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Lexus On Ice 2021

Sailun Tires

Toyota’s luxury division invited us to a frozen racetrack to compare its different all-wheel drive systems.

Today, 92% of Canadian Lexus buyers opt for all-wheel drive. But 20 years ago, consumer trends were quite different. At the turn of the millennium, the Lexus IS300, the brand’s entry level model, would send its power to the rear wheels only. Today, the 2021 Lexus IS offers all-wheel drive on almost all its variants.

To illustrate this rapid change in consumer behavior, Lexus organized a winter snow and ice event at Mosport’s frozen tarmac. The goal? Invite journalists and members of the media sample and compare its various all-wheel drive systems, but also showcase how much the models have changed in just two decades.

The old, rusted ones

The first part of the exercise consisted of driving the 2021 Lexus IS350, which comes standard with a 311-horsepower V6 engine and all-wheel drive, around a small ice circuit. We were then asked to strap ourselves inside an old, rear-wheel drive IS300 from the year 2001, equipped with studded tires, and beat our time. Not easy. But tremendously fun.

While those old IS’ felt nimbler and more vocal due to their naturally aspirated inline six (the famed 2JZ from the MKIV Toyota Supra), they weren’t nearly as efficient as the new car. The 2021 IS is considerably heavier and larger, yes, but it’s lightyears ahead in terms of overall grip and performance.

The system in the IS is a reactive type, which means it first sends the power to the rear wheels (also known as rear-biased), but then transfers a percentage of the available torque to the front wheels for improved grip. Lexus offers this technology backwards as well. In other words, the vehicle mainly powers the front wheels (front-biased) and, thanks to a clutch system, sends some of it to the rear when wheel slippage is detected.

Fun fact: some of the old Lexus IS300s at the event had more than 300,000 km on their odometers. One of them is even approaching 500,000 km!

Hybrid vs Mechanical

Some Lexus vehicles are equipped with an innovative hybrid all-wheel drive system. Instead of using driveshafts and differentials to get the power to the front or rear wheels, Lexus’ hybrid technology uses an electric motor. For instance, while the RX350 luxury SUV uses a mechanical system to transfer torque to the rear wheels, the RX450h has an electric motor instead. Total combined horsepower is even higher in the hybrid by 13; at 308 versus 295 horsepower.

To showcase this, the second part of the event had us drag racing precisely these two vehicles over a snowy patch of road. What we observed is that while the hybrid system gets far more grip at launch, the V6’s mechanical setup allows for more wheelspin, meaning it would always finish in first place.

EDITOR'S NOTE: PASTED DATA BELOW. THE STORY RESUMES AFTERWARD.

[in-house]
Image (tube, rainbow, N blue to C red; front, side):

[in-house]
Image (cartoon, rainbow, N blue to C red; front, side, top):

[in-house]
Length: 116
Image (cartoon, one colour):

It was the same story on the way back in the slalom section. The hybrid system, while highly effective, doesn’t let you wag the vehicle’s tail as much, which in turn rotates less. In other words, Lexus’ hybrid all-wheel drive is the most effective if you’re looking for downright grip in the snow. But if you’d like something a little more lively, more fun, then the RX350 is the one to get.

At that same section of the course, we were offered a pair of Lexus UX250h, also utilizing a hybrid all-wheel drive system, but with a four-cylinder engine versus a V6. The UX is a smaller SUV. It’s part of the sub-compact class. It doesn’t need a big engine to move around. It’s also much lighter than an RX.

In the left lane, a UX250h equipped all-season tires. In the right lane, its twin brother wearing a set of winter rubber. To nobody’s surprise, the winter tires had far more grip. During hard launches. They also proved that during hard braking on snow, it takes a full car length before all-season tires bring a vehicle to a stop.

Front-biased or Rear-biased?

The final section of the course had us driving the Lexus ES250 AWD midsize sedan and the RC350 AWD sports coupe. While the ES has a front-biased system, meaning it sends the power to the front wheels first, the RC is rear-biased.

These systems clearly demonstrated their unique behaviors in such conditions. On snow and ice, if you enter a corner too fast in the ES250, it’ll quickly default to understeer, meaning the car plows forward even when the wheels are turned. To correct it, you need to wait, let the car regain its trajectory and then apply throttle. Meanwhile, the system sends torque to the rear wheels, allowing the car to rotate and exit the corner effectively.

In the RC, however, entering a slippery corner at high speeds could have the car default to oversteer, meaning the rear-end gets loose. Making it around the corner will then rely on a careful application of the throttle. As the front wheels start knobbing for traction due to the system sending torque to the front, you smoothly apply throttle and properly exit the corner.

A rear-biased system is definitely more fun for an experience driver but can be a handful for a beginner. While it can be frustrating during spirited driving, a front-biased system is inherently safer.

Once the COVID-19 restrictions will have been lifted, Lexus Canada plans to organize and offer more events like this to its customers. The experience is fun and educational, plus you get to try some Lexus models you’ve never driven before before. We conclude by saying that no matter which all-wheel drive system you choose at Lexus, you can be sure it’ll be adapted to Canadian climate.


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